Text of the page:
Consequences of Foreclosure

Understanding the consequences of foreclosure is crucial so that you know how to prevent or prepare for what comes next
Contributor: Cindy May

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When you're in pre-foreclosure, it's important to know what happens when the house goes to foreclosure auction and how that can affect you moving forward.

Understanding the consequences of foreclosure can help you make better informed decisions and also help motivate you to get yourself out of that position, even if it means selling your house quickly.

Let's start with the basics...

What happens after foreclosure?

Once the house has gone to the foreclosure auction, one of two things have occurred.

This first is someone has purchased the home at a reduced cost in foreclosure. This is either an individual or a company that shows up at auction to purchase homes for themselves or their portfolio.

They will pay a certain amount, depending on how the bidding went, and then they will assume control of the property.

The second scenario is if no one purchases the property. In many cases, the bank itself will pay for the property so that it can re-list it for sale and make some of its money back.

In either scenario, once the home is sold, you will be forced to leave it.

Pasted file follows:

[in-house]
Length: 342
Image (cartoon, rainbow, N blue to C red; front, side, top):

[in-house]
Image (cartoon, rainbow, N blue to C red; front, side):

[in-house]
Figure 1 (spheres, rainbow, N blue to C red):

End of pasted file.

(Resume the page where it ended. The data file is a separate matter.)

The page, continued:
There is, however, one thing you can do after the auction.

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You can buy your house back after a foreclosure

The one thing that can prevent the complete loss of your home, at this point, is the redemption period where you have the option to buy the house back if you have the capital to do so.

Most people look to see if they can buy their house back after foreclosure, but you need to have the funds -- either from a high interest organization loan or from a private lender (if you don't have the money yourself).

Most states have a redemption period, and the time frame may very from state to state, so it's important to look up the laws in your location.

My home was foreclosed, now what?

If you aren't able to buy the home back, then it's time to start moving forward.

If you're wondering how long do you have to move out after foreclosure auction, the answer is: it depends.

Each state will have different procedures when it comes to the eviction process, but in many cases the lender will move to have the eviction as part of the judicial foreclosure. In some states, the eviction process has to take place separately, which may give you a few weeks to several months of time.

That means the "write of assistance/possession" will be filed at the same time, and once the home is sold and foreclosed, the Sheriff will be dispatched to notify you to vacate the property, normally within 24 hours.

The notification may just be a notice posted on the door, so they aren't required to "serve" you in person.